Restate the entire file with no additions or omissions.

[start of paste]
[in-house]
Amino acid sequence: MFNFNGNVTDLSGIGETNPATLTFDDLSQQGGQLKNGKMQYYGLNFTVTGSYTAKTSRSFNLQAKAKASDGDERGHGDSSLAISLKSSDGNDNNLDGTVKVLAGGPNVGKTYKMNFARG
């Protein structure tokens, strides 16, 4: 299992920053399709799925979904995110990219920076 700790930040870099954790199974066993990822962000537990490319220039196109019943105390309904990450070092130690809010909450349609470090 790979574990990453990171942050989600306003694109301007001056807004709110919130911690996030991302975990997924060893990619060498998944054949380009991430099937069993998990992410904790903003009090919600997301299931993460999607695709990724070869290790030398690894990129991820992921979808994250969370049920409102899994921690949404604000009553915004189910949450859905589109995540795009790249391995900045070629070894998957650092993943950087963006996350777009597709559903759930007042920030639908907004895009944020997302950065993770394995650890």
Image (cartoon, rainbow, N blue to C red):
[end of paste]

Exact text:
[in-house]
Amino acid sequence: MFNFNGNVTDLSGIGETNPATLTFDDLSQQGGQLKNGKMQYYGLNFTVTGSYTAKTSRSFNLQAKAKASDGDERGHGDSSLAISLKSSDGNDNNLDGTVKVLAGGPNVGKTYKMNFARG
């Protein structure tokens, strides 16, 4: 299992920053399709799925979904995110990219920076 700790930040870099954790199974066993990822962000537990490319220039196109019943105390309904990450070092130690809010909450349609470090 790979574990990453990171942050989600306003694109301007001056807004709110919130911690996030991302975990997924060893990619060498998944054949380009991430099937069993998990992410904790903003009090919600997301299931993460999607695709990724070869290790030398690894990129991820992921979808994250969370049920409102899994921690949404604000009553915004189910949450859905589109995540795009790249391995900045070629070894998957650092993943950087963006996350777009597709559903759930007042920030639908907004895009944020997302950065993770394995650890």
Image (cartoon, rainbow, N blue to C red):